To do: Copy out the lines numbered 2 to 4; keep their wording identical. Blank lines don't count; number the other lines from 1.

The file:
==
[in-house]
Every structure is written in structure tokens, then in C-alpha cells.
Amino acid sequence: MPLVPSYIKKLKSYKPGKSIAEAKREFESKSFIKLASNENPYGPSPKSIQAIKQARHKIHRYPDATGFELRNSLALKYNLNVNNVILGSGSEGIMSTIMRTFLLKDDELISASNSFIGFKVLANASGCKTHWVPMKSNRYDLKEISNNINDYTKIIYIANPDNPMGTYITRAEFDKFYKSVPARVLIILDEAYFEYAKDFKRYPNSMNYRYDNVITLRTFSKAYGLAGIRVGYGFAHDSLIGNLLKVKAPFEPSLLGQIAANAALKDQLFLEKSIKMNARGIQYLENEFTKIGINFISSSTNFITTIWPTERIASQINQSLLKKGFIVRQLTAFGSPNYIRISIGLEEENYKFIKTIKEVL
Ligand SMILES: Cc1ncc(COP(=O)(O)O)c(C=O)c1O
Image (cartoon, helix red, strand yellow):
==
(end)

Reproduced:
Every structure is written in structure tokens, then in C-alpha cells.
Amino acid sequence: MPLVPSYIKKLKSYKPGKSIAEAKREFESKSFIKLASNENPYGPSPKSIQAIKQARHKIHRYPDATGFELRNSLALKYNLNVNNVILGSGSEGIMSTIMRTFLLKDDELISASNSFIGFKVLANASGCKTHWVPMKSNRYDLKEISNNINDYTKIIYIANPDNPMGTYITRAEFDKFYKSVPARVLIILDEAYFEYAKDFKRYPNSMNYRYDNVITLRTFSKAYGLAGIRVGYGFAHDSLIGNLLKVKAPFEPSLLGQIAANAALKDQLFLEKSIKMNARGIQYLENEFTKIGINFISSSTNFITTIWPTERIASQINQSLLKKGFIVRQLTAFGSPNYIRISIGLEEENYKFIKTIKEVL
Ligand SMILES: Cc1ncc(COP(=O)(O)O)c(C=O)c1O